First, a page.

Where lead-related complications require lead removal (lead extraction), a number of techniques have been used. Initially, only patients with life-threatening complications such as septicemia were considered candidates for lead removal. The risk and morbidity of extracting the leads had to be weighted against the medical risk and morbidity of leaving them in place.
Extraction techniques have ranged from simple procedures requiring only a few minutes under local anesthesia to complicated procedures lasting hours under general anesthesia. Lead extraction is potentially dangerous. Complications include failure to extract an infected lead, low cardiac output, lead breakage and migration, avulsion of veins and myocardial tissue (e.g, muscle, tricuspid valve), and tears of the veins and heart wall with hemothorax, tamponade, and death.
All current lead extraction procedures use some form of traction. Counteraction is applied through the implant vein using an superior vena cava approach and indirectly through the femoral vein using an inferior vena cava approach. Pulling on the lead was a successful method of extracting the lead during the early years of pacing, when leads lacked efficient fixation devices and were implanted for short periods of time. Traction may be unsafe and have a high incidence of failure when applied to leads with efficient fixation devices and leads implanted for longer periods of time. Failure to extract a lead frequently damages the lead, making future extraction attempts more difficult.
While it is possible to introduce additional insulation or cladding throughout the length of the lead to prevent the threat of fracturing, this is not routinely done. Surgical practice indicates that thicker leads tend to be stiffer and more difficult to place in the restricted cavities and channels of the body. For this reason, the modern trend is to make such leads as thin as reasonably possible. This trend heightens the possibility of lead failure, breakage and shorting.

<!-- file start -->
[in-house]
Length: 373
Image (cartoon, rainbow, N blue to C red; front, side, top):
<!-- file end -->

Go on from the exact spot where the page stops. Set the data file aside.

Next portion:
Devices are needed which can be positioned over lead sections which are known to be flawed or which are at risk of failure. Particularly, such lead repair devices are needed which can protect a patient with an implanted cardiac stimulator whose flawed lead represents a threat to health or life if left unrepaired. Preferably, such devices will be able to be positioned at various points along the length of a lead at the discretion of the heart surgeon. Such devices will be of particular usefulness if they can repair or protect a patient whose lead wire stiffener has fractured or where a defibrillation lead might unwind upon retraction, worsening prognosis for removal of the lead.
The present invention provides devices and methods for using such devices which can be positioned over lead sections which are known to be flawed or which are at risk of failure. The devices and methods of the invention can protect a patient with an implanted cardiac stimulator whose flawed lead represents a threat to his health or life. The devices and methods of use of the invention provide movable sleeves which can be positioned at various points along the length of a lead at the discretion of the heart surgeon. In an important embodiment of the invention, the devices and methods are capable of facilitating the repair of leads in patients whose lead wire stiffener has fractured.